Achal Singh Achrol, MD
Director, Neurovascular Surgery; Director, Neurosurgery Clinical Trials Program; Chief, Glioma Surgery Program
About Dr. Achrol
Achal Singh Achrol, MD, is the Director of Neurovascular Surgery and Neurosurgery Clinical Trials Program at the Pacific Neuroscience Institute and Chief of the Glioma Surgery Program at the John Wayne Cancer Institute at Providence Saint John’s Health Center.
Dr. Achrol specializes in computer-assisted minimally invasive keyhole and microvascular neurosurgery, using advanced neuroimaging and stereotactic navigation techniques to safely reach even the most difficult lesions. As an academic neurosurgeon and physician scientist, Dr. Achrol is committed to leading translational research programs that advance treatment options for patients suffering from brain tumors, stroke, intracranial aneurysms and vascular malformations.
As the Director of Neurovascular Surgery, Dr. Achrol works closely with specialists in stroke neurology, interventional neuroradiology and neurocritical care to offer a team-based approach to the personalized, comprehensive care of patients with stroke, brain aneurysms and vascular malformations. The neurovascular program offers minimally invasive endovascular treatments, keyhole/microvascular neurosurgery and non-invasive adjuvant therapies.
As Chief of the Glioma Surgery Program, Dr. Achrol leads a translational research team committed to improving the quality of life and overall outcomes for patients through state-of-the-art treatments and advanced clinical trials. Dr. Achrol evaluates patients using a team-based approach that includes specialists in neurology, oncology, genetics, radiation oncology, head and neck surgery (ENT) and neuro-radiology. This broad expertise allows the Glioma Surgery Program to offer patient’s the most advanced personalized medicine treatments and precision therapy clinical trials, including immunotherapy (check point inhibitors, cancer vaccines, oncolytic virus therapy), stem cell therapies and genome-guided targeted molecular therapies.
Dr. Achrol has published extensively in the medical literature, routinely lectures nationally and internationally, and has received numerous awards for his work, including the prestigious Mahaley Award for Best Neuro-oncology Research from the Congress of Neurological Surgeons (CNS) and National Brain Tumor Society (NBTS), the Academy Award of the American Academy of Neurological Surgery for best neuroscience research, and the Best Research Awards from both the California Association of Neurological Surgeons (CANS) and the Western Neurosurgical Society (WNS).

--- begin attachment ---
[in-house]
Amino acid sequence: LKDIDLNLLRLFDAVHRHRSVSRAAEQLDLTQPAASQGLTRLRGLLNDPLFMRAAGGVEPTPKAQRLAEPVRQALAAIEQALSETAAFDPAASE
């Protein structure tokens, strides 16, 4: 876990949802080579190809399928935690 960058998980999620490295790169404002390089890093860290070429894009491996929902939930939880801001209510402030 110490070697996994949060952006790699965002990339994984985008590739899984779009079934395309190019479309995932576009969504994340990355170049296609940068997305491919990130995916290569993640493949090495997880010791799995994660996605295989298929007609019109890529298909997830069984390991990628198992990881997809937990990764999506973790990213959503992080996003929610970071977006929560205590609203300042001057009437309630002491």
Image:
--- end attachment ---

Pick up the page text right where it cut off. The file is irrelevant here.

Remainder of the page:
Dr. Achrol has evaluated thousands of patients with brain tumors, strokes and vascular malformations, and directly participated in neurosurgical operations for the treatment of these patients. In 2003, Dr. Achrol was recruited by Dr. William L. Young, MD, to the Center for Cerebrovascular Research at the University of California, San Francisco (UCSF), where he served as lead investigator in the neurovascular genetics program, including the first genetics outcome studies for risk of complication from neurosurgery and risk of rupture in patient’s harboring neurovascular malformations. Dr. Achrol completed his training at Stanford University where he attended medical school and neurosurgery residency with an enfolded post-doctoral fellowship in neurosurgical oncology with Dr. Griffith R. Harsh, IV, MD, under an R25 award from the National Institutes of Health (NIH) and National Institute of Neurological Disorders and Stroke (NINDS).
In addition, Dr. Achrol’s other honors include the Stanford University Alpha Omega Alpha (AOA) Medical Honors Society Award, Stanford Society of Physicians Scholar Honors Society Award, Soros Foundation Academic Honors Fellowship Award, Stanford Department of Radiology Angel Award, Stanford Medical Scholars Award, Open Mind Neurosurgical International (OMNI) Innovator Award, Stanford Medical School’s Outstanding Mentor Award, Leslie Munzer Neurological Institute Award, Hearst Foundation Award, Cyberknife Society Award, and the John Hanbery Award of the Stanford Neurosurgery Department (Neurosurgery Chairman’s Award).